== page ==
One note that I sort of missed while playing is that when you fall to the forces of the house, there is a scene where your character is dragged into a cavern and placed onto a sacrificial table. The next scene you are given before you get the chance to start over from your last save point is a picture of evil forces surrounding the house, now loose in the world. While all of the pieces are there, the conclusion to really be drawn here is with all of the information at your fingertips is that your character’s body was made a host for Ezechiel Pregtz to return to a suitable form to perform more rituals to bring these beings to life and overrun the world with eldritch creatures.
There isn’t a lot to dig into so far as the plot is concerned beyond that. The game spells out just about everything else and does a tidy job of tying up loose ends, especially once you realize that your character being dragged away means that they didn’t die; they were simply incapacitated. As an editorial note, while the plot doesn’t differ much between the two characters, Emily’s story set-up makes the entire tale much better than Edward’s, given her relation to Hartwood. Sadly, Edward Carnby goes on to be the main protagonist of the series and while I have yet to play through the other games from the original bunch, I very much doubt she has much impact on the rest of the series given she was added with the sole intention of attracting female gamers.
My one qualm with the plot- and I stress that this was a personal issue but that I understand how the horror and video game business both work- was the ending. Once all is said and done, your character emerges from the front doors of Derceto. The sun is shining brightly, and they raise their arms triumphantly shortly before striding to a car waiting for them on the road. Sliding into the back seat to be escorted to safety from the horrors that they have endured, you get a POV shot from your avatar at the back of the chauffeur’s head. A moment later, the head turns, revealing a ghoulish facade that cackles maniacally before driving off and out of sight. It sets up for a sequel, and that’s all well and good. It feels absolutely goofy, though, and there are one thousand ways the developers could have left Alone in the Dark open for more games without veering in that direction since within the narrative rules, destroying Pregtz also obliterates his followers so- what is this thing? Where did it come from? Why is it driving us away from Derceto?
Maybe playing the Alone in the Dark 2 will answer some of these questions, I guess.
For the first 3D horror adventure game, Alone in the Dark brings some power with its visuals. Most of the models have aged terribly, but it’s easy to see how impressive they could have been at the time. Environments have withstood the test of time well, though, as the interior of Derceto is impressive along with most of the other environments and items you interact with. Rarely does something seem too far off from what it is trying to depict, and if you’ve ever played an early era Playstation game, the graphics shouldn’t offend. They are definitely more history lesson than modern art at this point, though.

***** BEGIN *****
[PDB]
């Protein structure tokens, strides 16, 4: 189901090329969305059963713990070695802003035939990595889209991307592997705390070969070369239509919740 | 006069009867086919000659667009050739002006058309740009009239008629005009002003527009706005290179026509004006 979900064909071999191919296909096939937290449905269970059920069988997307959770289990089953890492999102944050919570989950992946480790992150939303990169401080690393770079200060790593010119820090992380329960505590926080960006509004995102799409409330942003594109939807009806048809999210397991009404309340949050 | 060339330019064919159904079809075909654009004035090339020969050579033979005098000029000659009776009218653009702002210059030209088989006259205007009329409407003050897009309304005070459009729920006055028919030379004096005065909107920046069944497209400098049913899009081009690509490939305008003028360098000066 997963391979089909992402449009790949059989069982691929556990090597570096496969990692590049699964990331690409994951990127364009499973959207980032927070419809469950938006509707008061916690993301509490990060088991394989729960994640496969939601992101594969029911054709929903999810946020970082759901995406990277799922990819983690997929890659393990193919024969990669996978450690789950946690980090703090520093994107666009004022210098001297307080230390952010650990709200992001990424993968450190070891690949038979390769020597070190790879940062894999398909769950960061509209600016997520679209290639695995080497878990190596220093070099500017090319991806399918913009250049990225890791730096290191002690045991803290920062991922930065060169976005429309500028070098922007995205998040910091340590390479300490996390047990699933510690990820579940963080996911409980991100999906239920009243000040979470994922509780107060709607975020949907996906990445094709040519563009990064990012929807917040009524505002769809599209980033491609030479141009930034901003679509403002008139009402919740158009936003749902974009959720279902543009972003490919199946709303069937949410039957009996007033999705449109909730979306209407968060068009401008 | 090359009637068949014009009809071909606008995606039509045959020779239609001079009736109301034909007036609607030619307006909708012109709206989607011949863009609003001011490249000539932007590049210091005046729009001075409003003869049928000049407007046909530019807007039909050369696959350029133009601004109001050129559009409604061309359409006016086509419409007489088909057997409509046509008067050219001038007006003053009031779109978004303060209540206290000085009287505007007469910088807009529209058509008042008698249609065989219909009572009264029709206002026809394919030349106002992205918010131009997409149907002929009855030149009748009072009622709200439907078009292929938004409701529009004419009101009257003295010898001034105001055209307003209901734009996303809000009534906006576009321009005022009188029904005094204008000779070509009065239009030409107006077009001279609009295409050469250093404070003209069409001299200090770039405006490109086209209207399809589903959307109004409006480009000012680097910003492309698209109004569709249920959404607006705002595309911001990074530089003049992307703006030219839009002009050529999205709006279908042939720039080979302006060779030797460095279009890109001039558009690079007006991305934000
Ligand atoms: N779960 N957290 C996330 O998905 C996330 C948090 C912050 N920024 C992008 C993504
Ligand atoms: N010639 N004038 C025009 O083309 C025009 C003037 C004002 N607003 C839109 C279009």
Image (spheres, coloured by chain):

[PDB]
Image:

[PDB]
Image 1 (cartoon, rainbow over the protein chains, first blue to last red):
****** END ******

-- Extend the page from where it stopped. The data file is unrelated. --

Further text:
The game’s sound is all over the place. Musically, the soundtrack is serviceable, though not impressive. Most of it also sets the mood very well, though the song that accompanies the death sequence kind of clashes- and given how often you’ll probably see it, that can be a little off-putting. It does boast a decent amount of tracks throughout the game, however. The sound bites used for monsters and attacks are pretty spot on, though the game shines with its voice acted moments. They add a level of gravitas to the game in the sincerity with which they’re performed. They may not win any awards- and I can’t track down any names for the life of me as of this writing to attribute them to- but they do well to set the game’s tone and make it feel more like a short horror story.
If you’re a horror fan and you can deal with how archaic Alone in the Dark is in its conventions and mechanics, it unravels a darn good story and has a lot of points to admire. If there is any question as to the influence of the game, the ability to block off the entrances for creatures in the first room is reminiscent of the first scenario in Resident Evil: Outbreak and there are camera angles that look like they were torn straight out of this title from the original Resident Evil, among other survival horror games. If you don’t find it worth the struggle, though, there are plenty of playthroughs to watch that are palatable thanks to the game’s length.
Alone in the Dark is also still easy to get, given its availability on GOG.com and Steam along with its sequels. I recommend it to diehard horror fans who have a thick skin for dying over and over (and over… and over…). This is definitely the grandparent of the horror genre. Much like many grandparents, it may have some ancient ideas that you want to disavow yourself from, but Alone in the Dark has left its mark and imparted a lot of wisdom on its progeny.